Sunday, February 27, 2011

Dramatic works at the ESO

Friday night was our first ESO concert of the new year. We'd initially purchased tickets to the Bugs Bunny and Friends show that took place last Saturday, but when I was asked if I wanted to go to the Cochrane Conference we had to exchange our tickets. Luckily, the ESO has an excellent exchange policy and we were able to switch our tickets to the show with Tom Allen (long time radio show host on CBC2) in May instead. At any rate, it had been several months since our last concert and so we (or at least I) was looking forward to this show.

The first thing we noticed when we took our seats was that the stage was filled to the brim with instruments. I don't know what it is, but I always get excited when I see so many instruments set up for a concert. Maybe it's that I'm happy that so many musicians are going to be employed for the evening; that I'm looking forward to the huge sound that so many musicians can produce; or that I'm curious to see what kind of music requires two harps, three pianos, a celesta, a small army of percussion instruments....and why is there a lone bass resting over there by the percussion section? Yeah, that was definitely one of my first questions upon sitting down--that extra bass sitting all by itself, what was it doing there? The answer to what kind of music required all those instruments was quickly answered when I saw that Leonard Berstein was on the program. Although I wasn't familiar with the piece The Age of Anxiety I could well imagine that Berstien's piece was going to be a complex and interesting symphony.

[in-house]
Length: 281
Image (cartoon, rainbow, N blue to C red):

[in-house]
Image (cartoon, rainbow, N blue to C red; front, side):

Conductor-in-residence Lucus Waldin took the podium for the first two pieces of the evening and began with a wonderfully majestic selection by Steven Stucky--which was actually an arrangement of the Henry Purcell piece, Funeral Music for Queen Mary. This arrangement called for only brass, woodwinds, and if I remember correctly timpani. Funeral Music, as you might expect was a fairly somber piece, yet it was taken at just the right tempo so it didn't drag on or feel oppressively mournful. It felt more like the music had a steady, purposeful drive like say, Bolero, or the opening bars of Also sparch Zarathustra. All-in-all, both Andrew and I rather liked it, and I'd be interested to hear the Purcell arrangement sometime.

The second piece of the evening was the Berstein, which called in the entire orchestra, plus Music Director Bill Eddins who took a seat at the grand piano positioned front and centre. There was much talk about The Age of Anxiety during the after thoughts session. In fact, I think there was very little said about either of the other selections on the bill. Where to start with this piece? Well, I suppose it should be noted that The Age of Anxiety was inspired by a Pulitzer Prize-winning poem written by W.H. Auden and was published in 1947. The basic premise (as I understand it, having not read the poem) is that it is a discussion between four people trying to determine what it means to be human. Yeah. Heavy stuff, but as pointed out, this poem was written just post-WWII, so many writers and poets were thinking heavy thoughts at that time.